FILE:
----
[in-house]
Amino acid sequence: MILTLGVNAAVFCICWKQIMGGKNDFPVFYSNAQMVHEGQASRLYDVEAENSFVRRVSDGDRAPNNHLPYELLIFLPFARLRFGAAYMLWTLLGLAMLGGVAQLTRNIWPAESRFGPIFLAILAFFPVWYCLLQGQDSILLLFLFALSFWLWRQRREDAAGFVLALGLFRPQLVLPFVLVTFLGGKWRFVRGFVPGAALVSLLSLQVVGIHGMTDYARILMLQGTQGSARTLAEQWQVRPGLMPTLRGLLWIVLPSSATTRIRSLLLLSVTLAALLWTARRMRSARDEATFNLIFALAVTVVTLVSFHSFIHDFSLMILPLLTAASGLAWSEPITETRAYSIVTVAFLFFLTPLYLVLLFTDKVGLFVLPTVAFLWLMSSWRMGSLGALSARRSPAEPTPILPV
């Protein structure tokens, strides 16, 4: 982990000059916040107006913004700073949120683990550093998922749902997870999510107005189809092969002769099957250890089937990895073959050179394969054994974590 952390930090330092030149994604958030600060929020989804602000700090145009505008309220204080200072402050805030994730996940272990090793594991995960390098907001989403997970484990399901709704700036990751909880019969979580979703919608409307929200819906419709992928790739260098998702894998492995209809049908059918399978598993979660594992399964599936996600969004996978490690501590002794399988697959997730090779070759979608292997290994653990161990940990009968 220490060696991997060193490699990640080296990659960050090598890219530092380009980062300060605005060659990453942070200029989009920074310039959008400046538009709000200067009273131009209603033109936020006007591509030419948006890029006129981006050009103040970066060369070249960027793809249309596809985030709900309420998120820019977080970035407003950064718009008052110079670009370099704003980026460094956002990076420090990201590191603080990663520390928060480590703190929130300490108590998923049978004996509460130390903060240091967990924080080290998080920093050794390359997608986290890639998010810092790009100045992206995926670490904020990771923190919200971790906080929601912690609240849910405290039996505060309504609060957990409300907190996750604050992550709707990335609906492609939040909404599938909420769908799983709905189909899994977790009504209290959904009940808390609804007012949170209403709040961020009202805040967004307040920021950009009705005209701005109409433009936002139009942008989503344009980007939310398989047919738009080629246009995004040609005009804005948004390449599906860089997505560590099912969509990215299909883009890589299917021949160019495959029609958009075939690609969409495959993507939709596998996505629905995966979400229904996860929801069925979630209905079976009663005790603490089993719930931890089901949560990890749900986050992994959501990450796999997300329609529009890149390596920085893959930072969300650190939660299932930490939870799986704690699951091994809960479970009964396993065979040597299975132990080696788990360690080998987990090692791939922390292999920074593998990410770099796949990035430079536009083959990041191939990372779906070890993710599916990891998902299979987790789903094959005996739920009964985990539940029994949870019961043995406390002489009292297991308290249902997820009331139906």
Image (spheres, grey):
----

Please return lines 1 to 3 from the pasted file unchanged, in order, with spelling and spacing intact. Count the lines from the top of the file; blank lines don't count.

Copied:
[in-house]
Amino acid sequence: MILTLGVNAAVFCICWKQIMGGKNDFPVFYSNAQMVHEGQASRLYDVEAENSFVRRVSDGDRAPNNHLPYELLIFLPFARLRFGAAYMLWTLLGLAMLGGVAQLTRNIWPAESRFGPIFLAILAFFPVWYCLLQGQDSILLLFLFALSFWLWRQRREDAAGFVLALGLFRPQLVLPFVLVTFLGGKWRFVRGFVPGAALVSLLSLQVVGIHGMTDYARILMLQGTQGSARTLAEQWQVRPGLMPTLRGLLWIVLPSSATTRIRSLLLLSVTLAALLWTARRMRSARDEATFNLIFALAVTVVTLVSFHSFIHDFSLMILPLLTAASGLAWSEPITETRAYSIVTVAFLFFLTPLYLVLLFTDKVGLFVLPTVAFLWLMSSWRMGSLGALSARRSPAEPTPILPV
């Protein structure tokens, strides 16, 4: 982990000059916040107006913004700073949120683990550093998922749902997870999510107005189809092969002769099957250890089937990895073959050179394969054994974590 952390930090330092030149994604958030600060929020989804602000700090145009505008309220204080200072402050805030994730996940272990090793594991995960390098907001989403997970484990399901709704700036990751909880019969979580979703919608409307929200819906419709992928790739260098998702894998492995209809049908059918399978598993979660594992399964599936996600969004996978490690501590002794399988697959997730090779070759979608292997290994653990161990940990009968 220490060696991997060193490699990640080296990659960050090598890219530092380009980062300060605005060659990453942070200029989009920074310039959008400046538009709000200067009273131009209603033109936020006007591509030419948006890029006129981006050009103040970066060369070249960027793809249309596809985030709900309420998120820019977080970035407003950064718009008052110079670009370099704003980026460094956002990076420090990201590191603080990663520390928060480590703190929130300490108590998923049978004996509460130390903060240091967990924080080290998080920093050794390359997608986290890639998010810092790009100045992206995926670490904020990771923190919200971790906080929601912690609240849910405290039996505060309504609060957990409300907190996750604050992550709707990335609906492609939040909404599938909420769908799983709905189909899994977790009504209290959904009940808390609804007012949170209403709040961020009202805040967004307040920021950009009705005209701005109409433009936002139009942008989503344009980007939310398989047919738009080629246009995004040609005009804005948004390449599906860089997505560590099912969509990215299909883009890589299917021949160019495959029609958009075939690609969409495959993507939709596998996505629905995966979400229904996860929801069925979630209905079976009663005790603490089993719930931890089901949560990890749900986050992994959501990450796999997300329609529009890149390596920085893959930072969300650190939660299932930490939870799986704690699951091994809960479970009964396993065979040597299975132990080696788990360690080998987990090692791939922390292999920074593998990410770099796949990035430079536009083959990041191939990372779906070890993710599916990891998902299979987790789903094959005996739920009964985990539940029994949870019961043995406390002489009292297991308290249902997820009331139906």